Although this study can not prove that caffeine itself causes kids to gain excess weight, it begs the question whether women should avoid caffeine altogether during pregnancy, Papadopoulou pointed out.
"Caffeine in utero may change how the brain develops", Bodnar said by email.
Existing guidelines in Australia and New Zealand recommend limiting caffeine intake while pregnant, but the Norwegian researchers are telling mothers to go cold turkey.
Dr Papadopoulou said earlier studies had linked caffeine to childhood obesity but this was by far the biggest and most thorough of its kind.
Caffeine passes rapidly through the placenta and has been linked to an increased risk of miscarriage and restricted fetal development, previous research has found.
The researchers used data on nearly 51,000 mother and infant pairs from a Norwegian health study between 2002 and 2008 and identified a link between caffeine during pregnancy and excess weight gain in children.
Just 7 per cent of the women had high intake, at 200 to 299 milligrams, and only 3 per cent had "very high" caffeine intake of more than 300 milligrams daily, researchers report in BMJ Open.
This persisted for eight year olds whose mothers had a very high caffeine consumption in pregnancy - more than three cups. For most of the kids, researchers estimated growth through age 8 based on children's development over their first 12 months of life.
Average, high, and very high caffeine intake during pregnancy were associated with an increased risk - 15 per cent, 30 per cent, and 66 per cent respectively - of "excess growth" during their child's infancy compared to children born to mothers who had a low caffeine intake during pregnancy.
Dr Clovis Palmet, Senior Monash University Fellow and Burnet Institute head of immunometabolism and inflammation, said: "The researchers provided no evidence of a causal link between prenatal exposure to caffeine and early childhood obesity".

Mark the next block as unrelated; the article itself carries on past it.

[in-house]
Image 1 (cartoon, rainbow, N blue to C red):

The researchers are confident in their results because of the large sample size, the consistency of the findings and a plausible biological explanation - foetal programming.
Most health authorities suggest that pregnant women limit their caffeine intake since, after ingestion, caffeine is readily absorbed into the bloodstream and distributed to the tissues.
At 22 weeks, the women surveyed were asked to record their food and drink intake. Coffee, black tea, caffeinated soft/energy drinks, chocolate, chocolate milk, sandwich spreads and desserts, cakes and candies were all considered sources of caffeine. Tea has 75mg, a can of cola 40mg and one 250ml can of energy drink up to 80mg. Researchers assessed infant weight gain by calculating the difference in sex-adjusted World Health Organization weight-for-age z scores between birth and age 1 year, using reported weights, and determined childhood overweight, including obesity, at two time points at ages 3 and 5 years and once at age 8 years.
Women who consume at least 200 mg of caffeine per day during pregnancy are more likely to have offspring with excess growth in infancy and overweight in childhood, and the risk rises with increasing caffeine intake, according to an analysis of a Norwegian pregnancy cohort.